Saturday, December 12, 2015


One of the more stylish noir films, thanks to interesting camera points of view, this limited budget, King Bros. production might remind you of an early TV production. The whole movie appears to be one gigantic set. 

The title role of Shubunka (an original name if there ever was one) is played by Barry Sullivan in his breakout leading role. He is excellent as a small time numbers racketeer who arrogantly thinks he is unstoppable. His front for the racket is a ice cream shop owned by his partner, Akim Tamiroff. Soda jerk, Harry Morgan, offers the only light moments in the film as a man of the world who wants anyone within earshot to know how he treats a real lady. An expert on the subject with little evidence as proof. In hock up to his eyeballs is John Ireland, who frequents the shop pleading with Tamiroff to give him an advance. He eventually comes to blows (literally) with Tamiroff.  Ireland’s wife is played by Virginia Christine who is always pleading with him to come home for some mountain-grown coffee.

Sullivan’s infatuation with a nightclub singer, played by Belita (the real life ballerina and ice skater) takes a toll on his finances, buying her everything. Unknown to Sullivan, a rival is planning to muscle him out of business. The head muscle in this case, Sheldon Leonard. But Sullivan refuses to believe what a frightened Tamiroff tells him. Or that Belita is in on the takeover.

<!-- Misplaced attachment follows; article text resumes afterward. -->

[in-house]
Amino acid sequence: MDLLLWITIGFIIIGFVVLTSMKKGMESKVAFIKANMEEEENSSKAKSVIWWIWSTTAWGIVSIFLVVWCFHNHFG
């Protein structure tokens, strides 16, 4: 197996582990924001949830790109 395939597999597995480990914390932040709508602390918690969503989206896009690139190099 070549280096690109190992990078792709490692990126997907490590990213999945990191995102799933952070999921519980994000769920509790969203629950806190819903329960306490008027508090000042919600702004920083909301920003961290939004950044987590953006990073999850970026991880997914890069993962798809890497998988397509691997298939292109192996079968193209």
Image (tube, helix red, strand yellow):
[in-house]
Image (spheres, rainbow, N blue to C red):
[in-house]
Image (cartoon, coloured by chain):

Sullivan’s riveting, rapid monologue in the last half is memorable. Truly told with bullet force. The low camera angle pointed toward the checkerboard ceiling makes him appear bigger than he is. It is a reality check for the viewer. Angrily he comes down on the shop cashier, Joan Lorring, in an effort to justify his lifestyle to all beneath him. Viewers soon realize that this cynical character is rather insecure and all his “accomplishments” are the result of tough talk and limited resources with no lasting impact.

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